Feeling trapped serves a purpose however.  It protects us from something that feels shameful.  It protects us from that which invokes fear.  Wanting not to feel shame or fear is not so wrong though, is it?  Wanting not to go toward what might be unbearable seems reasonable to me.  If it were truly unbearable.  If it were friendly to Me.  If it was not the road out of that hell-existence, out of that bricked in crypt, toward a place of greater safety.  If then, it would not be so bad.

Self-care tip:  When feeling trapped, do what does not feel safe and go toward your shame and fear.

Question:  How have you been able to find freedom in places where you feel trapped?  How do you manage to go toward shame when you feel so much fear?  Please tell us your story.

Say It Out Loud. Three Day Challenge.

Hello friends. Please join us at Friend to Yourself in a three day, “Say it Out Loud,” challenge.

Throughout the next three days, whenever you think of something you like & are grateful for about yourself, say it out loud to us.

I’ll start! 😉

I like my body.

Say It Out Loud.

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Mother’s Day, Full of Shame

Mother’s-day, naturally full of shame unless we are able to be a friend to yourself, present with the bad in Me even if reluctantly.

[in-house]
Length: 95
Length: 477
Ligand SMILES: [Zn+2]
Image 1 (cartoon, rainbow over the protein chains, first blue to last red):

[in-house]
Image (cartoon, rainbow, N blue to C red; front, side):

Question: What is a barrier to you becoming a friend to yourself? What role does shame play? Please tell me your story.

Self-Care Tip: Get friendly with your shame.

Become a Better Friend To Yourself In and With Your Culture

"Energy Crisis!" ...

Image by Toban Black via Flickr

A barrier to getting friendly with ourselves might be our culture.  The inverse of course could also be true.  ‘Takes culture to design the flavor of our homes and habits, our communities and the energy between us and them.  Think, TV in the bedroom, alcohol tasters offered to children, books or the absence of books on the floor and shelves.  Think religion and diet, family meals or take-out.  The way we deal with shame.  Culture is a gate-keeper for many of us.